But in more recent versions I have slightly increased the aggressivity and speculative terms, which results in an even bigger elo difference.


In engine games there probably is a higher eval treshold where the game is lost, assuming the engines make fewer mistakes.

Actually I believe it's the opposite. Between computers, a score below -1.5 often results in a lost game and a score above +1.5 often ends in a win. There was a time I would even adjudicate games at +/-2.5 because between computers the outcome was practically already known.

I tend to think that against humans the thresold would be higher, at least +/-2, because they do more mistakes: this add noise to the statistics and you would get more games won from a -2 position and more games lost from a +2 position.


Then all you have to do is find a treshold where it does not matter much whether it is Gambit Tiger or Tiger playing. May be well above a lost position. And below that threshold you may get a surprise effect against humans. But you wonder if Gambit Tiger is not doing better against humans anyway, and you need to come up with a real suicidal mode to do even better against humans than Gambit Tiger. Possibly you could use the same treshold against humans but increase all the positional values for maximum surprise effect. And in engine play you would use the same treshold but only use Gambit Tiger below it.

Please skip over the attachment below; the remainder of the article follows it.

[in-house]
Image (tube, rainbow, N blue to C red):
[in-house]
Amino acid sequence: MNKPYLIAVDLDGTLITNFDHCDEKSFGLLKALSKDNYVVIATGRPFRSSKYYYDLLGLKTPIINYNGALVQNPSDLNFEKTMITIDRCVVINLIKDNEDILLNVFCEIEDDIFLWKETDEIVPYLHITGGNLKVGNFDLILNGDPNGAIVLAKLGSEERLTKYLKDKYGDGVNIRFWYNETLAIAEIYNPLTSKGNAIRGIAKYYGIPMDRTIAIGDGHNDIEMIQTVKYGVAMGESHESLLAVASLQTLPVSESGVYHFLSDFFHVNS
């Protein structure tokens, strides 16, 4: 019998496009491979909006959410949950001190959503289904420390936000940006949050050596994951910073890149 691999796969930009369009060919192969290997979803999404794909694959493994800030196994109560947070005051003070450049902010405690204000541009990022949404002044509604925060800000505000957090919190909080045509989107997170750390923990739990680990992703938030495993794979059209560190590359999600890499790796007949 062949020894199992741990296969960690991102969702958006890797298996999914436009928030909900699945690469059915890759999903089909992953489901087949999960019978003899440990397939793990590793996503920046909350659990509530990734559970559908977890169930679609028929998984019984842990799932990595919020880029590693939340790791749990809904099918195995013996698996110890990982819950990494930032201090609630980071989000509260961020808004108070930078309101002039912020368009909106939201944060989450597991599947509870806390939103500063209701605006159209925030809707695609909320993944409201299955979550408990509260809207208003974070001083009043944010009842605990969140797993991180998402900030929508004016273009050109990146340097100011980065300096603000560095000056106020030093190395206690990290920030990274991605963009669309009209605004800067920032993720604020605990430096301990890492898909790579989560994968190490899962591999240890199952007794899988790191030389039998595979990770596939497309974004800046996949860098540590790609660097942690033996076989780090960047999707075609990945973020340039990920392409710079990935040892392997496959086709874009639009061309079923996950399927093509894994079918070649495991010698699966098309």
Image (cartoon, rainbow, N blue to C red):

The idea sounds correct and should be tested: if I find a significant thresold (but not too desesperate) where switching to Gambit mode does not lower significantly the elo rating against computers, then it has real chances to be effective against human players, yes.

The threshold condition has to be paired with a condition about the material left on the board. If the switch always happens in the late middlegame of in the endgame, it means nothing. If the switch can happen before or in the middlegame and still no big loss in elo is measured, bingo, it works.

I'm simplifiying here, as the condition on material left has to be a little bit smarter and take into account the ability to mount an attack. As I said, without the queen the potential is already greatly reduced. So some queenless middlegames would not apply for a switch to Gambit mode.

Anyway, in Rainbow Serpent I was going in the other direction, trying not starting a King attack if this hurts other positional features. The idea is that it does not matter much if you own King Safety is lowered, as long as your opponent's King safety gets even worse. But if at the same time other positional features are also sacrificed, you create multiple weaknesses, that you can not repair anymore if the attack is too weak to succeed. You do something of the same in a Gambit Tiger setting if it is not just King Safety that is increased, you include other positional features. Also I think if an attack is not sufficient to mate the opponent, but material is invested, it is the endgame after the attack or aborted attack that is important so in some way it would be good to include more endgame features also. I have not yet figured out what is a good way to do that.